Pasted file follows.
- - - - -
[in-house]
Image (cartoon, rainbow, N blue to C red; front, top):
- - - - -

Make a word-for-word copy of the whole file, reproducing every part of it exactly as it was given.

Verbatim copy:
[in-house]
Image (cartoon, rainbow, N blue to C red; front, top):